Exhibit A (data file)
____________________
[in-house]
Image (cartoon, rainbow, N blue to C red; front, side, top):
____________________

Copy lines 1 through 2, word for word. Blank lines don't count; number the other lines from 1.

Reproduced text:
[in-house]
Image (cartoon, rainbow, N blue to C red; front, side, top):